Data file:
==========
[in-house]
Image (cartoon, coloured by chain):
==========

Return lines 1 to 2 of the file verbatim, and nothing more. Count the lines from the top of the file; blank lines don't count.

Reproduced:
[in-house]
Image (cartoon, coloured by chain):